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The dorsal column is a part of the spinal cord which is responsible for transporting sensory input from the body to the cerebral cortex. This part of the spinal cord is key in perceiving fine touch, such as that used to distinguish textures, along with vibration. The dorsal column also contributes to the body's system of proprioception, used to orient the body in space and to coordinate muscle movements, given information about the body's position.
Many people think of the spinal cord as a single entity. It is in fact a bundle of grey and white matter, with a number of connecting nerves, surrounded by several tough layers of material which are designed to protect it from harm. The spinal cord carries signals to and from the brain, which requires a lot of literal wiring to communicate with various parts of the body.
The name “dorsal column” actually provides some clues, for people who are familiar with medical terminology. “Dorsal” is a term which is used in anatomical positioning to refer to something at the back of the body, which means that this column is at the rear of the spinal cord. “Column” indicates that the structure is one of several columns located in the spinal cord.
A series of connections occur to get information from the body into the spinal cord. Numerous linked neurons pass along sensory information to the dorsal column, and the it includes several segments which end up in different areas of the brain. In someone with a healthy dorsal column, signals are routed to the brain in under a second, and the brain uses this information to make a variety of decisions, ranging from deciding that the hand is touching velvet to adjusting the muscles in the feet to compensate for rough terrain.
Damage to the dorsal column causes loss of sensation below the area of damage. Damage can occur as a result of lesions which appear in the case of some diseases which attack the central nervous system, and it may also be caused by trauma such as damage to the spine incurred in a car accident, or pressure exerted on the dorsal column by anatomical irregularities. A neurologist can use a series of tests to locate the site of the damage, using sensory stimulation to find out which level of the dorsal column has incurred an injury and spinal imaging to learn more about the injury. This examination can also reveal other forms of damage to the spinal cord and the bundles of fibers which carry information up and down the spine.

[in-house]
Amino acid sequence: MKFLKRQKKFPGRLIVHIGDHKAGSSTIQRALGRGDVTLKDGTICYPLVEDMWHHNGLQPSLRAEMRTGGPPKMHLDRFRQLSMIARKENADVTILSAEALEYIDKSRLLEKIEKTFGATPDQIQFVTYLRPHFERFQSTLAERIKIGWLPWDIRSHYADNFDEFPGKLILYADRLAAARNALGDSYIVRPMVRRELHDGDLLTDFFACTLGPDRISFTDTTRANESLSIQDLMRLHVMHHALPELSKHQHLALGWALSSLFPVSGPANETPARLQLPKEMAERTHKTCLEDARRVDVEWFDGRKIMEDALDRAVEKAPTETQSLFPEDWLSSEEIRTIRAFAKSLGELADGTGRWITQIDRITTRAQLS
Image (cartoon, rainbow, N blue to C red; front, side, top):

Yes, the dorsal column is extremely important to experiencing an optimal state of health. I had fibromyalgia and chronic fatigue syndrome for almost 7 years. For the first 14 months of my illness, I was bedridden. Towards the end of my illness, I noticed that I had lost a lot of control of my muscle movements and had very little awareness about my bodily posture.
I went to see a chiropractor and he told me that my dorsal column was severely out of alignment. After a series of sometimes very painful alignment treatments over the span of about six months, I have regained control of my muscle movements and am very aware of my posture.
I also make
it a point to sit down properly and not lean back on my lower back so much, especially while surfing the Internet or watching TV. It's true, you do not know what you have until it is gone, and now that I know how important my dorsal column is, I do my best to respect it and make sure that I sit properly and get follow-up alignment treatments, when necessary.
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